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Jeep® Unveils Its Updated 2022 Grand Commander (K8) Lineup For China:

Jeep® Unveils Its Updated 2022 Grand Commander (K8) Lineup For China:​

Is New Looks Enough To Compete In A Very Competitive Market?​


With the focus being on the Jeep® brand’s newest entry for the Brazilian market with the launch of the all-new seven-passenger Commander (H1), many missed the official launch of the updated 2022 Jeep Grand Commander (K8) for the Chinese market earlier this week at the 2021 Chengdu Auto Show. It marks the first revision for the seven-passenger Grand Commander since its initial debut in 2018.

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May 7, 2018
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I like this a lot, shame the interior didn't get all of the new tech though.

bill burke

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Dec 9, 2020
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What confuses me is why, if not a spin-off of this three row Cherokee based Jeep in the US market (as a reskinned Chrysler my choice) then why is the technology in the “e” version not being adopted here? In particular, the transmission seems to be a step forward and it is exclusive to Asia. Both Brazil and China seem to be on a fast track to engineering and technology innovation and applications, and in our market we are going at a snails pace in comparison. Why, for example, is this drivetrain technology not used in the Pacifica? I might be in the weeds here, but I remain confused as to why a three row Cherokee or some Chrysler derivative of such, is not built right along side the Cherokee in it’s under utilized factory? Just seems like a missed opportunity and a waste of development time, talent and treasure on vehicles that are leap frogging the primary US market. Confusing.


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Jun 27, 2018
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No ROI, Bill...... You seems to think Development is more expensive as a ratio then the total implementation. If NA customers don't support the volume and margin. The high cost of implementation and certification cannot be recovered through net margins.

The Chrysler version was fully developed and designed, and ROI never justified the implementation cost.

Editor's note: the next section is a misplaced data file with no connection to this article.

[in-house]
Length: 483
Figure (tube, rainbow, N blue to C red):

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Oct 15, 2019
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Frostbite Falls, MN
Why, for example, is this drivetrain technology not used in the Pacifica?
It has been for a while. In the Pacifica it is called the eFlite. I had a chance to drive a Pacifica hybrid and it's pretty amazing.

From press materials released in November 2016:
eFlite electrically variable transmission (EVT)
The pivotal technology behind the all-new Chrysler Pacifica Hybrid is its innovative eFlite EVT. Designed by FCA US, the device features two electric motors – both of which are capable of driving the vehicle’s wheels.

Conventional electrification schemes dedicate one motor to serve as a generator and a second motor – usually much larger – to deliver torque to the wheels. But the all-new 2017 Chrysler Pacifica Hybrid uses a one-way clutch that allows the motor typically used only as a generator to deliver torque to the wheels, depending on driving conditions. The result is increased efficiency, refinement and improved component packaging.

The blended plug-in hybrid design offers a seamless driving experience for the customer, whether in electric or hybrid mode for typical city and highway driving. Under normal driving conditions, the top speed in all-electric mode is approximately 75 miles per hour (mph).

When the battery’s energy is depleted to a certain threshold, the Pacifica Hybrid becomes a part-time electric vehicle, like a conventional hybrid, to maximize energy and efficiency. Power to the wheels is supplied by the electric drive system or supplemented by a specially adapted new version of the award-winning FCA US Pentastar 3.6-liter V-6 engine.
Source for quote: Stellantis Media - Press Kit: 2017 Chrysler Pacifica Hybrid:All-new 2017 Chrysler Pacifica Hybrid Is First Electrified Minivan, Expands Segment Leadership for FCA US

Since I'm talking about the eFlite hybrid transmission I will let everybody in on a dirty little secret that goes way back to Highland Park and then moved to Auburn Hills. Whenever a new hybrid powertrain comes out, Toyota's lawyers and engineers huddle together to see which, if any of their patents have been poached. The Toyota and Chrysler hybrids look very similar and the companies went to court, because Toyota smelled blood. It turns out the Chrysler hybrid transmission is based on expired TRW patents. TRW had developed such a hybrid setup out of a quest for greater energy efficiency, inspired by the concerns arising out of the Suez Crisis. This happened while Ike was in the White House. A few decades later, Chrysler was working on hybrids in the 1980s, including a system based off the then recently expired TRW patents. Chrysler engineers filed some of their own patents as a result of their R&D. Remember this is at Highland Park in the 1980s, batteries hadn't changed much since the Fifties and computers were relatively expensive.

Toyota sues Chrysler and in court Chrysler whips out hybrid patents a decade older than anything Toyota had. With that revelation, Chrysler revealed the TRW origin of the technology from decades earlier. This was embarrassing to the Japanese automaker which had made claims they invented the hybrid setup. I'm pretty sure the Chinese didn't invent it either.
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